Lets say there is a fire on a zero-g space station (no efforts have been made to give gravity to the structure and it's far enough away from any planet/sun that gravity is negligible). It is contained and does not breach any of the structure itself (so ignore the vacuum elements here). For simplicity, lets assume it's a candle sitting in the middle of a contained room (no air is entering and air circulation is minimal). Assume 'air' has the standard earth like composition.

2 part question:

  1. Heat rises on Earth as the hot air is significantly less dense than cool air. A flickering flame flickers upwards for the same reason. However in a zero-g environemnt, there really is no up. So what does a zero-g flame visually look like?

  2. Heat rising also fuels the fire by dragging in more oxygen as the hot air rises giving room for new oxygen rich air to move in behind it. Without this cycle, to fuel itself and without some other mechanism to cycle the air, how long would a fire feasibly burn for? Would it consume all the oxygen in a room before burning out, or would it simply consume the oxygen in the immediate area around the flame and burn itself out before the oxygen in the room is fully consumed?

And an extention to #2 - would it be possible that the fire would sit in a state where it's ready to ignite the second enough oxygen was present (or very slowly burn as the remaining oxygen in the room diffuses)?

  • $\begingroup$ If the air was absolutely still it might put itself out, but any air currents would avoid that, and the flame would probably create its own convection cells around itself and stay burning. $\endgroup$
    – Oldcat
    Nov 21, 2014 at 19:29
  • $\begingroup$ @Oldcat Doesn't convection require gravity though? $\endgroup$
    – Ajedi32
    Nov 21, 2014 at 22:21
  • 2
    $\begingroup$ From WIKI on Convection: In a zero-gravity environment, [with] no buoyancy forces, and thus no natural convection possible, flames smother in their own waste gases. However, flames may be maintained with any type of forced convection (breeze); or (in high oxygen environments in "still" gas environments) entirely from the convection that occurs as heat-induced expansion of gases allows for ventilation of the flame, as waste gases move outward and cool, and fresh high-oxygen gas moves in to take up the low pressure zones created when flame-exhaust water condenses. $\endgroup$
    – Oldcat
    Nov 21, 2014 at 22:29

2 Answers 2


Without gravity to constrain the flames and give us the "lighter"/"heavier" aspects of "hot air is lighter than cold air", there are no convection currents (at least not the "upward" ones we're familiar with) to give the flame its familiar flame shape; the result is that the flame burns in a sphere. These literal fireballs have even been observed to exist without visible fuel or ignition source, and have confounded experts in combustion. Here's a really cool video of exactly this.

A side-effect of this fact is that with the flames burning in literally all directions, rather than being pulled down toward its fuel, it burns slower in micro-gravity than it does under "normal" gravity. You do end up with a low-pressure zone as the hot air expands, which pulls in more oxygen to keep the flames going (strictly speaking, "convection currents", just not "upward" as we're used to), so it may actually burn far more efficiently as it slowly consumes its fuel (this last bit is my own speculation on my completely non-expert review of what I could find on the subject).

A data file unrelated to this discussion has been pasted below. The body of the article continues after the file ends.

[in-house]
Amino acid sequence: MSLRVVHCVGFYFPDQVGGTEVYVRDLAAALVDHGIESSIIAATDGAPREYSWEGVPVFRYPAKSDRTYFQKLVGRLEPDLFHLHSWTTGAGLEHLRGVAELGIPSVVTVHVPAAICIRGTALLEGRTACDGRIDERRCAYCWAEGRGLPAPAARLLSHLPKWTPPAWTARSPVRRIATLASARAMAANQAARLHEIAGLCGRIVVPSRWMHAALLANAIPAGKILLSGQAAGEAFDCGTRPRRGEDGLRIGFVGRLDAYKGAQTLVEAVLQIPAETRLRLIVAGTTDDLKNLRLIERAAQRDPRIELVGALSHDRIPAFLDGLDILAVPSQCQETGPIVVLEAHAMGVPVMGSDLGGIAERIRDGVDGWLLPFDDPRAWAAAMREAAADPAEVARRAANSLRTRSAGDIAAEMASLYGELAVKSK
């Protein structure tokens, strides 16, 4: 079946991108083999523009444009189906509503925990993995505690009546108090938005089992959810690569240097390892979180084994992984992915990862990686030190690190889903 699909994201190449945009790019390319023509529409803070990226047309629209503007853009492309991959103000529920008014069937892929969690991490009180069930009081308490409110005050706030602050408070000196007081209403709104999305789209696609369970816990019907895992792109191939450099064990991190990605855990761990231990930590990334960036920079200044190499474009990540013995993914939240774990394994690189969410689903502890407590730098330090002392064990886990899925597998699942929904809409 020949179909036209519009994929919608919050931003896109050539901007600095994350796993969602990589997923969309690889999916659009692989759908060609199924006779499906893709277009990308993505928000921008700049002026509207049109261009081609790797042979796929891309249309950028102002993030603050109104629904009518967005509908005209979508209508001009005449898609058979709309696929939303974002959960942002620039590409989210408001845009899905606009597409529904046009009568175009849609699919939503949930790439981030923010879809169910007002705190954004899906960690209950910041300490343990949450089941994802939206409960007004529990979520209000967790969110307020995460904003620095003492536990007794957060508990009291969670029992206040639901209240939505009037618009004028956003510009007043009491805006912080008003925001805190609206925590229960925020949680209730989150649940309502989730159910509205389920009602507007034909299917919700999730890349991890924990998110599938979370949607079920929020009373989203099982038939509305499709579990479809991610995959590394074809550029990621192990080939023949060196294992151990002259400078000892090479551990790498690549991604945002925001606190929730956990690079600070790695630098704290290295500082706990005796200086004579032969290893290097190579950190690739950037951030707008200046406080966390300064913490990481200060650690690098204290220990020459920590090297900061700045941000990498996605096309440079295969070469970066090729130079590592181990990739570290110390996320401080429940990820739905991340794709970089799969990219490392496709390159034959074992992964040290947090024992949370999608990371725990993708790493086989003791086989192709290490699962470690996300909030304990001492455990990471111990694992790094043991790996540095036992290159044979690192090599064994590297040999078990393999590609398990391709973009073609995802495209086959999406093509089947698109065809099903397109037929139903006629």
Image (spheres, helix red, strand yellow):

To answer the second part of your question: Yes, in exactly the same way the same situation can happen here on Earth. Basically you have to have something hot enough to combust, but held in a state where there's not enough oxygen to actually do so; the moment you add that oxygen, however, you get what firefighters call a backdraft and/or flashover. This type of situation could easily exist in e.g. a sealed (or mostly-sealed) storage room after a slow-burning fireball goes unnoticed and consumes the oxygen in the room, but lingers as a hot ember until someone opens the door and lets the heated air rush out, replaced by the cooler, oxygen-rich air the poor sap has just turned loose. (There are other ways to get the same effect, this is just one example that occurs to me off the top of my head. Read up on backdrafts and flashovers to learn more and adapt the situation to your needs.)

  • 2
    $\begingroup$ Of course the round flame assumes that at the place of the flame there's no significant air flow from the space station's ventilation system (or anything else with a fan, like a computer). $\endgroup$
    – celtschk
    Nov 22, 2014 at 20:31
  • $\begingroup$ @celtschk True, air currents will affect the shape -- and size, since they'll provide a better supply of oxygen -- of the fireball. $\endgroup$
    – Kromey
    Nov 23, 2014 at 5:56

First, this is what fire looks like in micro-gravity: (what we often mistakenly call zero-g)

Secondly, air will still be sucked towards the flame via the pressure difference created by the fire consuming the local oxygen, but the flame will not be as hot without the effects provided by gravity. (Note how pale the flame is in the above video.)

Disclaimer: I am not a scientist, and I may have grossly misused several of the above terms.

  • $\begingroup$ You got "micro-gravity" right, and that's half the battle. Though I'm not a scientist, either. :-) $\endgroup$
    – HDE 226868
    Nov 21, 2014 at 21:16

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